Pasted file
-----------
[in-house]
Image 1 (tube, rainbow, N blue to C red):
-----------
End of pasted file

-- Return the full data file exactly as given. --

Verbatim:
[in-house]
Image 1 (tube, rainbow, N blue to C red):